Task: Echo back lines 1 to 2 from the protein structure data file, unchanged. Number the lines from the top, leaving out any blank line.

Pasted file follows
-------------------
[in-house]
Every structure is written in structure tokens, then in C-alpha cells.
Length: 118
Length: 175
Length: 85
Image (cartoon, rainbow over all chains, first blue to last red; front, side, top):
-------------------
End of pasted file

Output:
[in-house]
Every structure is written in structure tokens, then in C-alpha cells.